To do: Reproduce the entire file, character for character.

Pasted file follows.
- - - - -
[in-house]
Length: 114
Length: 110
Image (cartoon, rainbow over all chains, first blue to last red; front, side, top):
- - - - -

[in-house]
Length: 114
Length: 110
Image (cartoon, rainbow over all chains, first blue to last red; front, side, top):